Brain scans have shown that race is the first trait we notice when we meet someone new. For this reason, teaching children to adopt a colorblind mentality toward the idea of race can have negative consequences, a new study suggests. For minority children, this mentality may be especially detrimental to the development of their self-identity.

In 2008, a team of researchers made a surprising discovery: White children in America are so sensitive to the taboo subject of race that they will go to disadvantageous lengths just to avoid acknowledging the subject. Now, in a new study published in Social Psychology and Personality, the same team of researchers explored whether this intense level of colorblindness, or ignoring racial differences, also exists in minority children.

For the study, 108 Latino, Asian, black, and white children between the ages of 9 and 12, who lived near San Francisco, were asked to complete a photo-identification task. According to The Science of Us, the task was similar to the game “Guess Who” in which children are tasked with identifying a mystery person out of a group based only on questions about their appearance. The experimenters mimicked the gender and racial profiles of the teachers in the students' schools in order to ensure the study resembled (as closely as possible) how the topic of race would be addressed in a school environment.

The game was specifically designed so that acknowledging race would immediately eliminate half of the cards. However, despite this clear advantage, results showed that only 40 percent of the minority children asked racially based questions. After the game, the children were asked whether they noticed the races of the individuals on the cards, and if so, why they did not ask about race during the game. Nearly all of the children admitted to noticing the race of the individuals in the identity game. Fifty-eight percent of the children who declined to ask a racially based question explained that they thought doing so would be deemed as “inappropriate, rude, [or] offensive.” Twenty-three percent, meanwhile, said they didn’t mention race during the game because they thought doing so would be considered racist or prejudiced.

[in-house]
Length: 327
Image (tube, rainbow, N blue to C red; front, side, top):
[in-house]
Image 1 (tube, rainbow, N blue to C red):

According to the researchers, race is an important part of self-identification. Teaching children to purposely ignore this topic can result in negative outcomes, especially in racial minorities who must develop a positive connection between their race and their identity. “What is clear is that they perceive a widespread social norm, at least in a school setting, that race is a topic that should not be discussed,” co-author Kristin Pauker told Medical Daily in an email. “In a real life setting, this could translate into not having important conversations that could support positive identity development, especially in school settings.”

Americans have a history of avoiding uncomfortable, controversial subjects — just look at how we approach sexual education. As a result, racial colorblindness, or treating everyone equal regardless of race, culture, or ethnicity has been adopted as the “most effective” way to end racial discrimination in the U.S. Ignoring race sounds good on paper, and even goes as far back as 1896, when U.S . Supreme Court Judge John Marshall Harlan described the U.S. constitution as “colorblind” in his dissent against racial segregation in the South. Yet, race is socially significant influencing everything from your likeliness to getting called back for a job interview to your chances of going to jail. Past research has shown that a colorblind mentality ignores rather than addresses the issue of racism.

While the researchers agree that there is no easy way to solve the problem of racism in America, teaching children to completely ignore the existence of race seems to do more harm than good. Based on the data, a good place to begin changing America’s attitude toward race is to change how the topic is addressed in school.

“Researchers haven't yet found a good alternative strategy to colorblindness that doesn't also have some drawbacks,” Pauker wrote. “But on a basic level, adults in schools need to be willing to have conversations about race when they matter and encourage actions that show they value diversity.”

Source: Pauker K, Apfelbaum EP, Spitzer B. When Societal Norms and Social Identity Collide The Race Talk Dilemma for Racial Minority Children. Social Psychology and Personality. 2014.